Research Competitive Anxiety in Lifesavers and Swimmers

Full text for this resource is not available from the Research Repository.

Avramidou, Eleftheria, Avramidis, Stathis and Polman, Remco (2007) Research Competitive Anxiety in Lifesavers and Swimmers. International Journal of Aquatic Research and Education, 1 (2). ISSN 1932-9997 (print) 1932-9253 (online)


This study examined state and trait anxiety in competitive lifesavers and swimmers. The participants completed the SAS and the CSAI-2d before a training session and the CSAI-2d again before a competition. The competitive lifesavers were found to have lower levels of cognitive and somatic anxiety than competitive swimmers. Both groups were found to have lower levels of self-confidence but higher levels of somatic anxiety before a competition than before regular training sessions. Lifesavers found their levels of somatic anxiety to be more facilitative than the swimmers did. Both groups perceived that higher levels of self-confidence were more facilitative before competition than before training. Differences in the relationship between state and trait anxiety for swimmers and lifesavers were observed. The generally lower levels of cognitive and somatic state anxiety in lifesavers and their interpretation of somatic anxiety during competition would benefit their performance and decision making.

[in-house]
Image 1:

Item type Article
Official URL
Subjects Historical > FOR Classification > 1106 Human Movement and Sports Science
Historical > FOR Classification > 1701 Psychology
Current > Division/Research > College of Sports and Exercise Science
Keywords anxiety, lifesavers, swimmers, self-confidence
Download/View statistics View download statistics for this item

Search Google Scholar

Repository staff login